Charalambos Neophytou1, Elisabeth Pötzelsberger1, Marcela van Loo1,2 and Hubert Hasenauer1
1Institute of Silviculture, Department of Forest and Soil Sciences, University of Natural Resources and Life Sciences (BOKU), Peter-Jordan-Str. 82, 1190 Vienna, Austria
2Department of Botany and Biodiversity Research, Faculty of Life Sciences, University of Vienna, Rennweg 14, 1030 Vienna, Austria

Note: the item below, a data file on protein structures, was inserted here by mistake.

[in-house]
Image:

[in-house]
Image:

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Non-native tree species play an important role in European forestry. Here, we explore the origin and genetic variation in space and time, observed in introduced populations of such species. Our first study species is Douglas-fir (Pseudotsuga menziesii), which has a prominent position in Central European forestry. Results show that a relatively small part of the native range served as seed source for most ofh 67 genotyped Douglas-fir stands spread across Germany and Austria. Hence, this part of the native range includes provenances with superior performance in Europe. Despite a high genetic diversity among adult trees, we observed a significant reduction of genetic diversity in the natural regeneration which we attribute to a limited number of reproducing adult trees. In the case of the tree of heaven (Ailanthus altissima), our second study species, we observed signatures of repeated founder effects in Eastern Austria, an area of early introduction. Additionally, In spite of a single maternal lineage characterizing all ten study stands, we observed a significant genetic structure among the populations. Our results support that genetic drift led to genetic differentiation, given that the effective population size was locally very small. Third, we present current results on the origin and genetic variation of the Northern red oak (Quercus rubra) introduced to European populations. We conclude that genetic drift is a major factor shaping the genetic variation in the introduced range. Since introduced populations constitute an important seed source, special caution should be exercised when establishing seed stands and seed orchards, but also during seed harvesting, in order to avoid genetic erosion after species introduction.